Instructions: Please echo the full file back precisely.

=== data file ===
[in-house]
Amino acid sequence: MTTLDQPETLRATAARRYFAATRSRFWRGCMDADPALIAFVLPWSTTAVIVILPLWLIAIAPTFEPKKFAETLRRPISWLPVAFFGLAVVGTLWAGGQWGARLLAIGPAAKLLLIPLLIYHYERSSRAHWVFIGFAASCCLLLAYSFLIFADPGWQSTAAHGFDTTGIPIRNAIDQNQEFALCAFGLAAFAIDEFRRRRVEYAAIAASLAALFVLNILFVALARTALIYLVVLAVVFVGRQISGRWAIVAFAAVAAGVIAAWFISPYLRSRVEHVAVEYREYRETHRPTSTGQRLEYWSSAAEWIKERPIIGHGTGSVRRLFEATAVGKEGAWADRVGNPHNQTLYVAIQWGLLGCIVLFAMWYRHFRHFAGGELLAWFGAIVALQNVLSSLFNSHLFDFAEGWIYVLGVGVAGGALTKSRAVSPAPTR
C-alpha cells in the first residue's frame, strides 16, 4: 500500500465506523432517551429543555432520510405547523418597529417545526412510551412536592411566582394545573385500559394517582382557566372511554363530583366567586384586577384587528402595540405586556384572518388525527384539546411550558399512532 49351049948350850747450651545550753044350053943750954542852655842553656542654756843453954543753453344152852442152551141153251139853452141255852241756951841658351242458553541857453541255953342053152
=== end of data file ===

[in-house]
Amino acid sequence: MTTLDQPETLRATAARRYFAATRSRFWRGCMDADPALIAFVLPWSTTAVIVILPLWLIAIAPTFEPKKFAETLRRPISWLPVAFFGLAVVGTLWAGGQWGARLLAIGPAAKLLLIPLLIYHYERSSRAHWVFIGFAASCCLLLAYSFLIFADPGWQSTAAHGFDTTGIPIRNAIDQNQEFALCAFGLAAFAIDEFRRRRVEYAAIAASLAALFVLNILFVALARTALIYLVVLAVVFVGRQISGRWAIVAFAAVAAGVIAAWFISPYLRSRVEHVAVEYREYRETHRPTSTGQRLEYWSSAAEWIKERPIIGHGTGSVRRLFEATAVGKEGAWADRVGNPHNQTLYVAIQWGLLGCIVLFAMWYRHFRHFAGGELLAWFGAIVALQNVLSSLFNSHLFDFAEGWIYVLGVGVAGGALTKSRAVSPAPTR
C-alpha cells in the first residue's frame, strides 16, 4: 500500500465506523432517551429543555432520510405547523418597529417545526412510551412536592411566582394545573385500559394517582382557566372511554363530583366567586384586577384587528402595540405586556384572518388525527384539546411550558399512532 49351049948350850747450651545550753044350053943750954542852655842553656542654756843453954543753453344152852442152551141153251139853452141255852241756951841658351242458553541857453541255953342053152